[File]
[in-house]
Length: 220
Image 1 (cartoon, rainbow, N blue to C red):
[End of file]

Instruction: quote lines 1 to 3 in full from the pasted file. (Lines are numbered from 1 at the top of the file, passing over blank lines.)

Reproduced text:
[in-house]
Length: 220
Image 1 (cartoon, rainbow, N blue to C red):